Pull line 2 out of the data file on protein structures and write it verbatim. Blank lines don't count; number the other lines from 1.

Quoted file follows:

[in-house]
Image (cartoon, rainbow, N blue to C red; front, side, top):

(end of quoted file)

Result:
Image (cartoon, rainbow, N blue to C red; front, side, top):